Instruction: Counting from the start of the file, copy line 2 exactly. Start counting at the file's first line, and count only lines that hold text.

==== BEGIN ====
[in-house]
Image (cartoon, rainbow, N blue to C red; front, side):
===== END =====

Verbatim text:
Image (cartoon, rainbow, N blue to C red; front, side):